Eighteen years ago, the world was a very different place indeed. In 1997, Toyota released the world’s first hybrid production vehicle in the form of the Prius. However, back then it merely represented a lone model by a lone manufacturer of a lone variation of hybrid technology. Things are very different in today’s automobile market. As the demand for more efficient and sustainable vehicles has grown over the past eighteen years, an industry-wide hybrid development spree has been sparked, bringing about a wealth of hybrid and electric powertrains and vehicles. Read on to learn a bit more about the various types of hybrid technology and the many innovative vehicles in which they are applied.
Series hybrid drive systems utilize the sole power of an electric motor to propel the vehicle. Energy for the system is sourced from the on-board battery pack, which can typically be charged from an outlet or fast-charging station. The series hybrid configuration comes into play only if the battery pack depletes while out on the road. These systems incorporate an ICE tuned to run as an electric generator only once the battery pack goes flat and not for providing direct propulsion. Thus, there is no mechanical connection between the engine and the wheels, as the battery pack and motor acts as a buffer between them. Series hybrid vehicles are less common in today’s automotive market. Two examples of this technology in action are in the Fisker Karma and BMW i3, which are also commonly termed extended range electric vehicles (EREV) or Plug-in Hybrid Electric Vehicles (PHEV).
Parallel hybrid drive systems involve the coupling of an internal combustion engine (ICE) and an electric motor in such a manner that they are able to power the vehicle either individually or while combined. In order to allow for this flexibility, a series of electrically-controlled clutches are typically included so that both the ICE and electric motor can operate independently of one another when desired. In some cases, both the ICE and motor are mounted along the same driveshaft, with the motor adding extra torque to the system only when necessary. Parallel hybrid systems are one of the more commonly manufactured variations of hybrid vehicle technology. On the road, the Chevrolet Malibu, Hyundai Sonata, and Infiniti Q70 hybrids are categorized as parallel hybrids, as are Honda’s Insight, Civic, and Accord hybrid models.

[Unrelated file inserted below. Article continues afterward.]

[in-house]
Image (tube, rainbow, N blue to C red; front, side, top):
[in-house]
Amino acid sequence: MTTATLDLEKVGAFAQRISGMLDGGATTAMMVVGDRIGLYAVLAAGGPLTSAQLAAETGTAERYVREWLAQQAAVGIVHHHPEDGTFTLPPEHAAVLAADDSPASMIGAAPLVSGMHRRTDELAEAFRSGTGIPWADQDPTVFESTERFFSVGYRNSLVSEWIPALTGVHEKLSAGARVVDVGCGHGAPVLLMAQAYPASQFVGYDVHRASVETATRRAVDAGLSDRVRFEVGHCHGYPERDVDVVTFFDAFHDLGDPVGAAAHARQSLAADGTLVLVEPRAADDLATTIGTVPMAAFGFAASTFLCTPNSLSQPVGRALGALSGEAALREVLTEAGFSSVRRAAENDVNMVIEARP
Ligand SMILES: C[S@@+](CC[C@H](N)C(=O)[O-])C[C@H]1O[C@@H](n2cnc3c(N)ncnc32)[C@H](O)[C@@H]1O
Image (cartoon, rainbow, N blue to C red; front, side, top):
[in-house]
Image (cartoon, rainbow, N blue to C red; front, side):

Power-split (a.k.a. Series-parallel) Hybrid
Power-split hybrid drive systems are a variation of the parallel hybrid drive systems described above. Most power-split systems contain an ICE plus two independent electric motors. Power from all three sources can be shared to propel the wheels via a power splitter, which usually takes the form of a planetary gear box. The gear ratios in the splitter can be changed from 0-100% for the ICE, 0-100% for the motor(s), but also any intermediate combination that provides the car with the best trade-off in torque demanded from the driver and vehicle efficiency. Newer power-split systems incorporate a second motor on the output shaft (to the wheels) which combines with the primary motor and power-splitter to provide a continuously-variable transmission, or CVT. Power-split systems are available in the Chevrolet Volt (a plug-in model), Cadillac ELR, Toyota’s Prius lineup, Ford Escape and Fusion hybrids, and numerous Lexus h models.
Categories: Under the Hood